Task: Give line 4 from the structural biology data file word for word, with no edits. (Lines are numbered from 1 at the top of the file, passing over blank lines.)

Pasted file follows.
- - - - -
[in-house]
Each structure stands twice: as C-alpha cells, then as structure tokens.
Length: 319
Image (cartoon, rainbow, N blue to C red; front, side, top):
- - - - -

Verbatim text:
Image (cartoon, rainbow, N blue to C red; front, side, top):